At three of the four Connecticut State University campuses, the president receives an extra $25,000 each year to spend without having to provide any documentation, according to university documents obtained by The Associated Press.
The fourth president receives $35,000 a year for her housing costs in lieu of the "unvouchered accommodation accounts," according to human resources policies that spell out all the compensation and benefits for the four presidents.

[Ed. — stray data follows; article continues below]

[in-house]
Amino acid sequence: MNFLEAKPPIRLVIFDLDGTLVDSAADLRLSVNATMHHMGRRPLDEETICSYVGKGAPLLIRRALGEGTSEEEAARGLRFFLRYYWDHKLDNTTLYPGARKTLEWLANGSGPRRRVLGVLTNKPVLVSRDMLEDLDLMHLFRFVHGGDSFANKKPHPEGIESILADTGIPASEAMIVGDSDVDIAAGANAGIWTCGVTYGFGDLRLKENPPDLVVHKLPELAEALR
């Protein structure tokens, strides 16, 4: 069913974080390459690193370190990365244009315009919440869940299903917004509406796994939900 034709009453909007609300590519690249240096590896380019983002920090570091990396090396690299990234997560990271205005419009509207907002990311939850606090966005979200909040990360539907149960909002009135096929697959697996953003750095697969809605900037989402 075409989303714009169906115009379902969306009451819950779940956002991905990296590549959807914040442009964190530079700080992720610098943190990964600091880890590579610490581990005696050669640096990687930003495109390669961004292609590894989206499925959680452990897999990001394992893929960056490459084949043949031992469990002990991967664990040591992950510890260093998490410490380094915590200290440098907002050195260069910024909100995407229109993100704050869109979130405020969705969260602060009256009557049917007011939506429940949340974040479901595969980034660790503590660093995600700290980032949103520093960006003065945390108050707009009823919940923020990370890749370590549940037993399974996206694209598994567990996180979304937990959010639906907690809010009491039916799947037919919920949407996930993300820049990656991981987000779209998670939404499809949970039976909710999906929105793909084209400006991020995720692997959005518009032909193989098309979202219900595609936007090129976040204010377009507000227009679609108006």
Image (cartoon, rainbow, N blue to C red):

The policies, obtained by the AP through public records requests, provide a host of other benefits to the presidents, including state-owned cars, paid sabbatical leaves, special payments based on years of service and bonuses linked to job evaluations. Those perks are in addition to their $290,000-plus salaries, paid vacation and sick days and other benefits.
University presidents across the country receive similar compensation benefits, but some Connecticut lawmakers are questioning whether taxpayer money should be used for such perks with the state facing a $365 million deficit this fiscal year and projected $1 billion deficits in each of the next four years.